HONOLULU -- An Indian merchant vessel that was hit by an unarmed Navy training missile limped Tuesday into Honolulu Harbor and was boarded by a U.S. admiral offering condolences who was met with cold stares from the crew.
The ship's radio operator, K.T. Joseph, 36, was killed by the Harpoon missile, which Monday ripped through the superstructure of the vessel Jag Vivek. The ship apparently had strayed into a military training area northwest of the Hawaiian island of Kauai, officials said.
Adm. Stephen K. Chadwick, the Pearl Harbor Naval Base commander, went aboard the Jag Vivek upon its arrival to inspect the damage and offer condolences to the remaining 32 crewmen, Navy spokesman Dick Brady said.
'He spoke to the captain and told him they were very sorry for the incident,' added Coast Guard spokesman Scott Hartvigsen. Asked what the attitude of the crew was, he said: 'Their attitude was a bit cold.'
Capt. P.M. Mirchandani, captain of the Jag Vivek for 11 months, said he was on the bridge when the missile struck. 'I felt like I was hit,' he said. 'I just heard a loud noise and saw splinters flying off on deck.
'I feel what happened should have not happened,' Mirchandani said, but he emphasized that he was not angry, 'just sad. I feel very bad that I lost my radio officer,' who had a wife and a 4-year-old daughter.
The non-explosive Harpoon missile was launched at about noon local time (5 p.m. EST) by a Navy FA-18 from the aircraft carrier USS Constellation toward a target hulk ship far out at sea, the Pearl Harbor Naval Base said in a statement.
'Unfortunately, the exercise missile veered close enough to the path of the vessel for the missile's seeker to guide on it instead of the original target,' the Navy statement said.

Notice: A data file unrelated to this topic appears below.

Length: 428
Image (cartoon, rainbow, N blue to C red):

Leonard Alcantara, a lawyer for the ship's owners, Great Eastern Shipping Corp., Ltd., of Bombay, India, said the vessel was en route from Vancouver with 25,200 metric tons of wheat, bound for Madras, India, via Singapore.
The accident took place within an area of several thousand miles of ocean that had been closed to all merchant vessels by a 'Notice to Mariners' issued Dec. 8 by the Navy, Navy officials said.
As the Jag Vivek pulled up to the pier under its own power, escorted by a Navy vessel, the holes where the missile entered and exited were clearly visible in the white superstructure.
The missile entered on the port side through the radio room just below the conning deck, the wheel house, and exited toward the bow of the vessel and splintered into pieces. It went through the main radio room and the radio officer's stateroom, Alcantara said.
After traveling through the radio room it blasted a hole out the front port side of the bulwark, leaving twisted metal extending about a foot and a half from the 3-foot-wide hole.
It then apparently struck one of the large yellow cranes in the center of the ship and bounced off, leaving a wide goove on the crane.
'The ship will be repaired here and the body will be flown back to India as soon as possible,' said Mrs. David Watumull, Honolulu consul general of India. She said she expected the Navy to pay for the costs of repair.